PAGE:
Protecting your knees is part of protecting your overall health, and protecting your health helps ensure your financial security.
For runners, joint problems can creep up slowly, and runner's knee is among the most common. Even if you don't have minor pain or signs of weak knees, you'll want to take proper care of those joints -- especially if you're a runner. Bad form, injuries and nutrition can all contribute to gradually sorer knees, and sometimes osteoarthritis. You may think it's just a little pain to work through, but sore knees are often a sign of serious problems in the future.
Ignoring that sign may cost you, in the form of a serious injury in the near future or a serious surgery in the more distant future. Either way, pretending it's no big deal is a risk you shouldn't take. For you, devoted runner, prevention and appropriate care mean you'll be a runner much longer. It means more miles, more races, more hours and more of that runner's high. It just might also mean more money in your pocket later. Here's why.
1. Knee surgery is insanely expensive. Not taking care of your knees can result in more than pain. Your knees might become deformed, or "bowed," from joint degeneration. Chronic inflammation might also result, which can make knee pain even worse. When that pain starts limiting your ability to carry out daily activities, or becomes unbearable, you might need knee replacement surgery. This is a major surgery with weeks of recovery time and physical therapy afterward, but more than 90 percent of recipients report rapid and substantial improvement.
Knee replacement surgeries are among the most common operations performed, with more than 700,000 procedures each year in the U.S., and about 4 million Americans currently have artificial knees. With an average price tag of $50,105, knee replacement surgeries are also among the most expensive, and the high price doesn't guarantee better results. That's just an average, though. Knee surgeries, like almost all hospital procedures, vary widely between states, counties and individual hospitals. Based on recently released Medicare data, the procedure can cost as little as $5,303 and as much as $223,373. Even if your health insurance covers part of it, that's a bill you won't want to pay -- ever.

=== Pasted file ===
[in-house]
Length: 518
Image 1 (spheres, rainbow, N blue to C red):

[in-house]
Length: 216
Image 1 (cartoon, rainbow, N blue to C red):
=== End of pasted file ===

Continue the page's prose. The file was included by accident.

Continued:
2. You'll stay active (and healthy) longer. While most people won't ever need a knee replacement, nobody is immune to the effects of aging. However, one of the best ways to stave off old-age effects, including dementia, is to live a healthy and active lifestyle. This includes diet and weight regulation as well, since excess body weight can contribute heavily to knee pain and other joint problems. By keeping your knees strong, you'll be able to keep running as you age and stay fit longer.
3. Bad knees can affect the rest of your body. In addition to keeping yourself out of the operating room, taking care of your knees is beneficial for the rest of your body. Knee problems can affect the hips, back and other common areas for pain. This is because when one or both knees hurt, you will consciously or unconsciously compensate by adjusting your posture. Sometimes this takes form as limping, but sometimes it's slight and barely visible. Subtle changes in your body's alignment can result in muscle tension and joint pain you may not even know the cause of until much later.
Just like obesity and aging, muscle and joint pain usually result in doctors' bills and prescription drug costs. Hip replacements are also among the most common surgeries, and the generic version of Vicodin is the most commonly prescribed narcotic painkiller in America. So by taking care of your knees, you're really taking care of your overall health, now and in the future. By taking care of your health, you're taking care of your personal finances.
How to care for your knees. Now that you know the risk you run by not taking care of your knees, what should you be doing? Here's a quick guide:
- Eat right and stay active! Keeping weight off is the best prevention for knee problems.
- Always warm up before working out.
- Stretch your quads and hamstrings regularly, before and after workouts.
- Increase intensity of any activity gradually, but especially cardio and strength training.
- Keep your leg muscles strong by doing strength activities at least twice per week.
- Change your running shoes often, about every 200 miles, and always wear properly fitting shoes.
- When you have minor knee pain, use ice to reduce inflammation.
- When you have moderate knee pain, reduce painful activities; swimming is a good alternative to running and is usually cheap at a rec center.
- Talk with your doctor when your knees are bothering you.